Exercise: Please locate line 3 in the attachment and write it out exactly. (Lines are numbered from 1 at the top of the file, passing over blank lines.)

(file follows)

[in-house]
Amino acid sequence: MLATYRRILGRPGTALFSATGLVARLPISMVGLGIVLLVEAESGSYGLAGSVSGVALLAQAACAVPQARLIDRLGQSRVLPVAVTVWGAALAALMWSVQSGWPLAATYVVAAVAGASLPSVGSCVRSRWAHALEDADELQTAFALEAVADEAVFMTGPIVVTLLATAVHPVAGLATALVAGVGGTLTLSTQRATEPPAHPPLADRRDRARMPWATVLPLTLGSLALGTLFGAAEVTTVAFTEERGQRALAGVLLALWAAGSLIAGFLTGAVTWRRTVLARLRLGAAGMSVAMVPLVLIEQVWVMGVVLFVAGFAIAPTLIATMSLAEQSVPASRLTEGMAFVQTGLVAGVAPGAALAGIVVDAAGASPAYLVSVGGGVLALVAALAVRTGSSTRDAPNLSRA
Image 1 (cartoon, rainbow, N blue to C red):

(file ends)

Image 1 (cartoon, rainbow, N blue to C red):